Sunday, 26 February 2017

The RC Car hobby.

I like radio controlled cars. I liked the idea of them as a 10 year old, and a long time later I like them in the metal and plastic. It's quite nice getting involved with a new hobby and new culture (with people like the madly cackling RCSparks providing regular inspiration), cruising them, breaking them, upgrading them, posting on forums and going from being a complete noob to someone who gets gratitude for helping other people online.

So I thought I'd write a beginner's post about it, in the context of the completely separate climbing community which is of course where my heart and life's purpose still lies.

Should you get involved in the RC Hobby?? Hell yeah. It's not that expensive if you choose right, it doesn't take up that much time to go out and cruise with an RC car, choose the right car and you can do it when the weather is shit, choose the right driving style and you shouldn't need to do much repairing or maintenance, and there's a wide choice of approach from a £40 micro you mess around with inside to an £800 1/5 scale monster that's infinitely upgradeable and can mince all over the roughest terrain. Pick what suits YOU.

(In terms of the climbing lifestyle it has no benefits as an additional hobby apart from possibly night time / wet weather driving with the right set-up. And major repair work is a good warm-up for the fingers pre-training. OTOH go to an empty crag with an off road RC shoved into your sack and it might be fun while resting between attempts on your SICK PROJ RIG, who knows ;)).

Start by considering the size you want and the style of driving that appeals because there's a lot of choice. I wanted to do some bashing and jumping and happened to choose the HPI Savage XS, it's not cheap at all but is an absolute beast, very fast, jumps well, cruises over all terrain. Then I wanted something smaller to try in the flat and maybe out at local carparks (the Savage is waaaay too powerful) so I got a Carisma GT24TR which is really nice for speed cruising and small jumps, and a WLToys P929 which is cheap, tiny but solid and fast, although things do break easy at smaller scales. It's a different choice for everyone. But there's one essential pre-purchase step: Check the model you're choosing has spares readily available. Trust me on this.

Have some information:

Types of RC car usage:

Racing: Proper RC for people who can actually control them well ;). Needs a proper track (on-road for race cars, off-road for buggies) but not necessarily hugely competitive.

Speed runs: Tinkering and testing to go as stupidly, pointlessly fast as possible in a straight line. Usually needs a GPS logger like SkyRC and a dweebish attitude towards endless upgrading (so one for road cyclists then).

Drifting: Pimped up cars, low bodies, slick wheels, smooth surfaces, and all your Fast And Furious fantasies. Quite niche but good for small areas and indoor fun.

Cruising: General generic driving, on or off-road, just getting out and having fun.

Bashing: "Drive it like you stole it", "If you didn't break it you ain't doing it right". Jumps, bumps, humps, drops, skate parks, and a lot of time ordering spares online. Great fun.

Trail driving: Taking your car out for a walk. Generally on rougher terrain with a slower car than you'd have for cruising, one for the explorers.

Crawling: Extreme trail driving with extremely slow but agile cars, basically climbing over rocks, chasms, stream beds, the more awkward the better.


Large scale: 1/8 - 1/6 - 1/5 , often nitro/petrol powered rather than electric, very expensive and big.

Normal scale: 1/10 - 1/12-ish , nitro/petrol or electric, expensive-ish but lots of choice.

Mini scale: 1/14 - 1/16 - 1/18, mostly electric, still lots of hobby-grade choice.

Micro scale: 1/24 - 1/36 and below, electric, still a good choice but not so many high end models.


Toy grade - cheap, can be fast and agile, but not upgradeable, not repairable, and might not have a good transmitter. Skip an evening in the pub and get hobby grade.

Hobby grade - "proper" RC, from budget to luxury. Cheaper ones are not necessarily much fancier than toy grade but will likely be better materials and components, and likely to be upgradeable and repairable - the former aspect is fun, the latter aspect is very useful.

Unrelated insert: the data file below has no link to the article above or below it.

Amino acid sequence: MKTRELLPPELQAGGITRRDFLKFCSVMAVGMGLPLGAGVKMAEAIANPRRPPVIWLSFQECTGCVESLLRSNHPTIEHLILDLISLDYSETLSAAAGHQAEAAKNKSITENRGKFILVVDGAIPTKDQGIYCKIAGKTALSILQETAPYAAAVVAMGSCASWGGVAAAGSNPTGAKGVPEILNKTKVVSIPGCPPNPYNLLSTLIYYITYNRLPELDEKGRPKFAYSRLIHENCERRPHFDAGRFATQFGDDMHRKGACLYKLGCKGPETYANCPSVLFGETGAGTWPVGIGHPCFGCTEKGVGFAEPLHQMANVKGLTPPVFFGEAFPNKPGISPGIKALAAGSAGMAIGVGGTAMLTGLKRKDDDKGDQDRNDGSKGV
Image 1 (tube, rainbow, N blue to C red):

Ready To Run (RTR) - most RC cars come like this these days. Just add batteries. You can often still dismantle them to the base components though!

Kit form - much rarer than it used to be, although Tamiya still do plenty. You get less choice but if you really want to build something, go for it.

UK Shops:

Steve Webb - my cousin's shop so I have to give him a shout out. The website is a bit hopeless but they have loads of other stock in store and a lot of expertise. If you live near Chester pop in to the shop in Frodsham in person.
There are many more but I've used those regularly.


RC Groups
Ultimate RC
RC Universe
R/C Tech

These are invariably American so it can be a bit frustrating when you see a really cool looking car with a big thread discussing all the options, then find out 98% of the stock goes to China and America and it's only available in the UK from one Hong Kong exporter who charges £45 postage and it will take 8 weeks to get here by which time the manufacturer has discontinued it and you can't get any spares.

Good makes:

It really depends what you're after but some good names are: Kyosho, Tamiya, HPI (& Maverick), Traxxas (& La Trax), Dromida, Associated, Losi, Carisma, WLToys and FTX.

If any of this is slightly useful, then in the words in RCSparks "get out there any enjoy the RC hobby" :)

A bit disappointing.

Warning: This post contains some criticism. If there's any issue with that, please take it as customer feedback, from a fairly dedicated customer.

New guidebooks are exciting - proper new guidebooks that is. Modern, locally researched, extensively updated, characterful definitive guides, rather than mundane honeypotting recycled select guides. New information, accurate coverage, the full spectrum of venues covered and their value overhauled and recently assessed. That always fills me with psyche.

The new Lancashire Rock guidebook is exciting - it manages to escape the archaic shackles of The Brick, going from one of the worst old guides to the best modern guides. All the classic quarries presented in exhilarating detail, along with many appealing minor and hidden gem venues that have me itching to kick off the trad season with some Lancs suntraps.

Given the general quality of the tome, it was surprising to go to the Egerton section and find two new (well, a decade new) routes missing, including one that's had several photos and an entry on the country's largest climbing website for 10 years , and one that fills a pretty obvious gap (yes a bit eliminate but not nearly as eliminate as a starred E1 we did at Lower Montcliffe, nor as odd a line as the spaghetti junction of link-ups at Summit Quarry).